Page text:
The true state of things, as it stands now, is that we live in a very weedy world. We are living through the worst crisis of our generation. Over a half million people have died so far in the pandemic, with no end in sight. Millions have lost their jobs. Children can’t go to school; special needs children have lost services that are crucial to their well-being, and parents are left feeling helpless and frustrated. Domestic abuse and depression are on the rise because people are isolated and afraid. And on top of all that, racial tensions are at an all-time high. And the human reaction to all of this is to find somebody to blame. The political landscape right now is a bloody battlefield of accusations and finger-pointing and condemnation.

When we see evil in the world – and we see it all around us, every day – we want to know who is to blame. We divide into our camps: left against right, liberal against conservative, white against black, Christian against Muslim, Americans against the world. We want to know who is the wheat and who is the darnel and we are pretty sure we know which is which.

But hear what the Master told his servants when they came to him to tell him his crop had been sabotaged. “It is an enemy who has done this.” In the midst of the battle we have all too often forgotten who the real enemy is. Paul famously told us to put on the whole armor of God against the evil in the world. But he warned us: “Our battle is not against flesh and blood, but against the rulers, against the authorities, against the cosmic powers over this present darkness, against the spiritual forces of evil in the heavenly places.” It is the enemy who is the spoiler of this good Kingdom. And that enemy is not your neighbor. Our enemy is hatred and selfishness and greed and racism and violence and fear and a lust for power.

I have no idea whether any real live first-century farmer ever bothered to go to all the effort it would have required to rescue a crop when his field had been sabotaged like that, separating thousands and thousands of plants, stalk by stalk. But I seriously doubt it. It is unthinkable that any real farmer would have the time or the manpower to go to all that trouble. It is much more likely that his enemy’s act of revenge would have been very successful in ruining his crop for the year – which is why it was against the law. And that makes it all the more striking when Jesus describes the work of the angels at the final “harvest” of the world – that they will painstakingly gather out of the kingdom of God every obstacle and every cause of sin, everything that works against his law and his people. And then, it will be like Jesus said when he told his disciples to gather up the baskets of fragments that were left after he fed the 5,000 – nothing will be lost. No one will be lost.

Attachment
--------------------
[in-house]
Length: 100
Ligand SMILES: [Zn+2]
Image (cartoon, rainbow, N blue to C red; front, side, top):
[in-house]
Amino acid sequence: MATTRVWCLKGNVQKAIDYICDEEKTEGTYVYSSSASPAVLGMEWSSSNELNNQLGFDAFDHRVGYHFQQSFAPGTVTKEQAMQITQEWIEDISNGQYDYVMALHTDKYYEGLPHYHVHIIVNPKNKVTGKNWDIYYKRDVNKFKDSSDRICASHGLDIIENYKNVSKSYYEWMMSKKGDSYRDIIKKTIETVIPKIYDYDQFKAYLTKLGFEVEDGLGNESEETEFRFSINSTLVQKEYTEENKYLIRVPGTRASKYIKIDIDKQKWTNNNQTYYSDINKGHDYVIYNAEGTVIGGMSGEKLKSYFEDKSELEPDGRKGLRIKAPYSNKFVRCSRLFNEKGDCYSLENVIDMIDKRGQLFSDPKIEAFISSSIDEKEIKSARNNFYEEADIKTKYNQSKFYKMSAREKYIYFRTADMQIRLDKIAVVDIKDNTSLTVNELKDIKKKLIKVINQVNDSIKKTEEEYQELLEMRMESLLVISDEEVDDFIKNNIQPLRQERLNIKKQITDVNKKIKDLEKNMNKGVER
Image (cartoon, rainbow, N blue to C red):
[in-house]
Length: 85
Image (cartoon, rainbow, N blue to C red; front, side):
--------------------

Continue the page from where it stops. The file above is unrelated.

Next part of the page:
Then we will all shine like the sun in the kingdom of our Father, Jesus said. Then we will be like little children after a good bath, scrubbed and brushed and dressed in our spotless and happy best. Then we will be perfect, as our Father is perfect.

But for the time being, we need to be aware that the enemy is busier than ever right now, sowing his seeds in this world. And we need to know that the enemy is not the Democrats or the Republicans or the Russians or the Chinese or black people or white people or any other child of God on this earth. The seeds of the enemy are growing, and the seeds of the enemy, just like darnel, are both clever and poisonous. And they are all about one thing – spoiling what God has planted in his Kingdom. The enemy’s seeds are all about dividing God’s children from one another. They are all about making us afraid of one another. They are all about causing us not to trust one another. They are all about choking out love.

Let us resist all condemnation and divisiveness and suspicion, all the ways we attack one another and accuse one another and separate ourselves from one another. Let us refrain from everything that tears apart the roots of our common humanity, and of our unity in Christ. “Love one another,” our Lord commanded us. “Just as I have loved you, you also are to love one another.”

It is by this that all people will know that we are his disciples, if we have love for one another.